Thousands without power in Bermuda after Hurricane Nicole (PHOTOS,VIDEOS)
The eye of Nicole, classed as a category 3 storm, roared into Bermuda on Thursday. The island was spared the worst of Nicole’s eastern semicircle after it weakened from a category 4 classification, but was still powerful enough to rip roofs, snap trees and flood homes.
The International Space Station captured Nicole’s scale from 252 miles above ground as it swirled across Bermuda. The storm is the strongest hurricane to strike the island since 2003, according to Weather.com.
While Nicole’s impact was “less than feared”, reports The Royal Gazette, and didn’t result in any related fatalities or major injuries, torrential rain flooded the island with eight-foot storm surges. Over 25,000 of Bermuda’s 65,000 residents have been left without power.
Praise the lord I am so glad that Hurricane Nicole is moving away from us.Soon it will be time to clean up family. Please help your neighbors. As always together we will get our Bermuda looking Bermudaful again 🌺🌴🇧🇲 #hurricanenicole #jotwc #bermudastrong #bermuda #PleaseHelpYourNeighbors #strongertogether
Nicole has since weakened to a category 2 status and is expected to lose its tropical characteristics this weekend as it makes its way over the Atlantic Ocean.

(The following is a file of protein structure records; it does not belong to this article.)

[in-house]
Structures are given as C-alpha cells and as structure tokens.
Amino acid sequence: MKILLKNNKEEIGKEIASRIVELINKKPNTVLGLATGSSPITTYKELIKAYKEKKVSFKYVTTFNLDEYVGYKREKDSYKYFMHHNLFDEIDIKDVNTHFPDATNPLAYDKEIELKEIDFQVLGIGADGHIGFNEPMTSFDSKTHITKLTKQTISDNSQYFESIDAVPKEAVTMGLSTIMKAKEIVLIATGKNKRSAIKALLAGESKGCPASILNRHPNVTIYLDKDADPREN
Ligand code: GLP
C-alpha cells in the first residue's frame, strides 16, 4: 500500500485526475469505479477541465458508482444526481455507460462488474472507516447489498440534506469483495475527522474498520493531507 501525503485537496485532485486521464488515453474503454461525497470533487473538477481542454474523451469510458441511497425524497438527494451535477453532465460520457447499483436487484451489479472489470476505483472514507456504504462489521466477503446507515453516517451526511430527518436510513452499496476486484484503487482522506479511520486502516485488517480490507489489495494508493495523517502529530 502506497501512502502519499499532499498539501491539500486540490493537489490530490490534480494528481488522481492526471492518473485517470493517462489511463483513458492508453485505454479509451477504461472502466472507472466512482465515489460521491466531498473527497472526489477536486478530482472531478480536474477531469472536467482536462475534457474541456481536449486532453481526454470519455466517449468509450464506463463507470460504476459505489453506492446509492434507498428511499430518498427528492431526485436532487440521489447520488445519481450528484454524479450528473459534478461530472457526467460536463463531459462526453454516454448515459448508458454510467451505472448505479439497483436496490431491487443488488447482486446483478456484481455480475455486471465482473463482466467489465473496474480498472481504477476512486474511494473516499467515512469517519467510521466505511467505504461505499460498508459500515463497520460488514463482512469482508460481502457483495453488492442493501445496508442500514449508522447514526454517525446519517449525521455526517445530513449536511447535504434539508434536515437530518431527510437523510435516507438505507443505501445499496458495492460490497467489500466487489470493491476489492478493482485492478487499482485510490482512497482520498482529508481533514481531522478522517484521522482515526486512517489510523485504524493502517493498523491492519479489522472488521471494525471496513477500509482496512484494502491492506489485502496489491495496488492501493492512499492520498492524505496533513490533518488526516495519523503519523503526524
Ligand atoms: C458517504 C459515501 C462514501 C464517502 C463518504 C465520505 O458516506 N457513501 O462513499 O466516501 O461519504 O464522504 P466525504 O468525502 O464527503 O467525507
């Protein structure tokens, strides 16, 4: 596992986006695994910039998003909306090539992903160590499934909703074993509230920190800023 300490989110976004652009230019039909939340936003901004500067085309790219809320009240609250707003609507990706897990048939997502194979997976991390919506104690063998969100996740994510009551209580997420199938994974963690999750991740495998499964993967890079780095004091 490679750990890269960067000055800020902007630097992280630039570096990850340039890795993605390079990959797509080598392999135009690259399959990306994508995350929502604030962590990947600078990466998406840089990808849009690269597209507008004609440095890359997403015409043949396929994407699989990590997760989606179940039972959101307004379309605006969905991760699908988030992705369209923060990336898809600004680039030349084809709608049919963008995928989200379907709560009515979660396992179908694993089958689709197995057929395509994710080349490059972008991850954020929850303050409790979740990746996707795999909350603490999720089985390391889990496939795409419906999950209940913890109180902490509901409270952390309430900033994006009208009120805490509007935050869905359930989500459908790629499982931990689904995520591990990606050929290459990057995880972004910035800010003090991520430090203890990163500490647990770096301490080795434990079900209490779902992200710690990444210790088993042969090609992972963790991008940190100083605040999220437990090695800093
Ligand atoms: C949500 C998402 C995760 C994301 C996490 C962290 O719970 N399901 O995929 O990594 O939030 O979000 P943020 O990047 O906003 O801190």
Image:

Only seven major hurricanes have passed within 40 nautical miles of Bermuda since records began in 1851, according to the National Hurricane Center.
In Haiti last week, at least 1,000 people were killed by Hurricane Matthew, according to the latest tally by Reuters, although the World Health Organization says the death toll is 473, with a further 752 missing. Over 175,000 people remain in shelters and over 1 million Haitians are in need of emergency aid, in part due to a major cholera outbreak.
The United Nations has launched a $120m flash appeal to cover Haiti's needs for the next three months, and UN Secretary-General Ban Ki-moon is due in Haiti Saturday to access relief and cleanup efforts.
In the US, Hurricane Matthew caused historic flooding, killed 38 from Florida to Virginia and forced more than 3 million residents to evacuate.